| Noémi Janovics

Garbage World

Eco-Design Festival at the Budapest VAM Design Center

SUSTAINABILITY is everyone’s main agenda these days, and this is no different at Budapest’s Eco-Design Festival entitled ‘Garbage World’. The major goal of the event is to campaign for conscious environment protection, to popularize recycling and to recommend the use of natural resources. The organizers wish to enhance the eco-centric, green way of thinking by displaying design products made of garbage. The event also provides an opportunity for young Hungarian artists to introduce themselves, espousing and supporting the Hungarian contemporary graphic and applied arts. Modern dance, music and art also join the project that focuses on recycling of garbage and waste materials as well as eliminating further garbage issues by utilizing natural materials.

Nowadays, one of the most important topics in environment protection is the recycling of garbage and waste. This recent program series, which deals with the problems of garbage accumulation, looks for and also offers alternatives to utilize garbage and to prevent further growth. “So far, there has been no eco-design program series of such scale and quality in Hungary,” said Miklós Vincze, Director of Vam Design Center. “This exhibition features a number of spectacular, astounding, smart, humorous, still artistic works of art as if it was a kind of design demonstration,” he continued on the opening ceremony, adding that Chief patron of the festival is Imre Szabó, Secretary of the Hungarian Ministry of Environment and Water.

On the first day of the exhibition, an eco-fashion show was held where contemporary Hungarian designers (Cecília Reök, Tímea Varga, Eszter Ormos, Gyöngyi Varga) presented their collections made of garbage and natural materials. In the course of the international Baltic Sea Festival, the EUNIC Green Design exhibition also joins the eco-festival by displaying the Danish 'Dreams on Wheel' bicycle fair, a painting exhibition of the Danish town Christiania. Finnish recycled jewels and Estonian 'talking clothes' are also on display. Furthermore, on Oct 10, a workshop is going to be held where artists will help those who attend to make their own goods or ornaments.

Eco-jewels from Finland
Chocolate-paper wallets and dazzle lamp-earrings are on display and also available for sale during the festival. These practical products are made by MAKEEdesign, a Finnish goup that was established in 2007 by Paivi Savolainen. At first, Savolainen fabricated smaller bags from chocolate and sweets paper. Then he started to prepare jewels of worn nylon net-bags and old dazzle lamps, hoping his works would make people smile and they might give him further ideas how to recycle certain things. Another exhibitor, ‘Laurase’ was founded in 2006 by a goldsmith, Laura Saarivuori-Eskola.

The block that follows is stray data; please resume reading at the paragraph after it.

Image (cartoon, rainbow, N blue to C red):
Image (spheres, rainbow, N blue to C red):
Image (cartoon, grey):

When the Finnish currency, the Mark was gradually replaced by the Euro, Saarivuori-Eskola started wondering what was going to happen to the old coins. She collected a serious amount of “money,” and made jewellery out of the worthless coins. She also works with forks, spoons and plates as well.
The collection of Secco, established in 2002, is versatile and eclectic: they have products of old gramophone records, used retainer rings, out-dated safety belts and many other archaic or worn materials. When Secco discovered the more and more increasing rubbish-heaps, feeling responsible for the environment, he began an adventurous journey. He returned home packed with souvenirs he calls the Treasures of Garbage-Land.

The installation includes a bunch of clothing, made of recycled materials, like old household textiles, outsorted uniforms of the Estonian Army and Police Force, leftovers of textile industry and that of manufacturing clothing.

Dreams on Wheels
This exhibition aims to inspire more and more people to enjoy cycling by showing them the best Danish examples of cultural habits, innovative designs and as city shaping and planning. The Budapest version of the display is also the overture of the UN Climate Conference held in Copenhagen December 2009.

Christiania in Art
This display is attempting to satisfy the increasing international interest in the Danish “free city,” Christiania by showing a less known, special part of the Danish culture. The exhibition showcases the art of eight graphic artists and painters. The pictures depict the history of Christiania that since its establishment in 1971 has become the symbol of environment-consciousness and green, livable life.

Réka Alíz Francisck

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